It was big news last fall when California voters approved a ban on gay marriage. Today a federal judge in Sacramento faces an aftershock from that acrimonious political battle. The judge is being asked to stop the disclosure of the names of those who donated to organizations that pushed the ban. The problem is, public disclosure of who gave what is at the core of the campaign finance laws. NPR's Peter Overby reports.

PETER OVERBY: Two groups that worked for Proposition 8, the anti-gay marriage initiative, were and the National Organization for Marriage California. They argue that their donors were targeted by Proposition 8 opponents. They say it was worst just after the election. Their court filing includes anonymous declarations from several donors. One says he made a five figure contribution. When it became public, three Facebook groups formed to boycott his stores and the stores were picketed. He says he, quote, "would not donate like this again."

The lawyer here is James Bopp. He may be the leading plaintiffs' lawyer in campaign finance cases. He says Prop. 8 opponents perpetuated vandalism, demonstrations, and even death threats against Prop. 8 donors.

Mr. JAMES BOPP (Attorney): It presents a serious issue for the kind of civil society we're going to have and whether or not democracy is going to continue to flourish.

OVERBY: Bopp is asking federal Judge Morrison England Jr. to stop the disclosure of donors who made small contributions late in the campaign. The big donors have already been disclosed.

Mr. BOPP: It's just hard to believe that anyone, if this information had been available before the election, would care that Joe Blow gave $100 to a multimillion-dollar initiative campaign.

OVERBY: Bopp also wants all of the donor lists for and the National Organization for Marriage California removed from government records. There's no doubt that many gay rights advocates are angry. There's an anonymous Web site that matches up the Prop. 8 donor lists with Google Maps, so you can identify the donor's house down the street and how much that donor gave. But it cuts both ways. In October, wrote to big donors to a gay rights group, Equality California. The letter noted their contributions and respectfully requested that the donors correct this error with a big check to ProtectMarriage. Those who didn't donate would have their names published. Geoff Kors, the director of Equality California, monitored the letters.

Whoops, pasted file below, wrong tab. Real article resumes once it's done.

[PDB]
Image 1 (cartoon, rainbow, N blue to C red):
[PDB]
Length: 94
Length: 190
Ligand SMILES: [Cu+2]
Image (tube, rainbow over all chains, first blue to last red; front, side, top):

Mr. GEOFF KORS (Director, Equality California): It went to unions. It went to other businesses. It went to a whole variety of people. So for them now to be saying that they want to hide their donors is incredibly hypocritical.

OVERBY: The U.S. Supreme Court has allowed some exceptions to the disclosure laws if a group can show that disclosing its donors could put them at risk. But this challenge is broader - arguing that the two groups were raising money for a ballot initiative, not for candidates, and so they should be exempt from California's disclosure law. Rick Hasen teaches campaign finance law at Loyola Law School in Los Angeles.

Professor RICK HASEN (Campaign Finance Law, Loyola Law School, Los Angeles): There is something very disturbing about people being harassed because they've given money to a particular ballot measure. On the other hand, I think that the idea that a court would come in and strike down a longstanding statute that serves an important public purpose is unlikely.

OVERBY: Hasen also says that in California, politicians are usually involved in the initiative campaigns.

Professor HASEN: It's a well-worn tradition here. And so the idea that there's no potential for corruption of candidates or elected officials through contributions to ballot measure committees is simply incorrect as a factual matter here in California.

OVERBY: California state officials are fighting the complaint. They're scheduled to release the donor lists next Monday. Peter Overby, NPR News, Washington.

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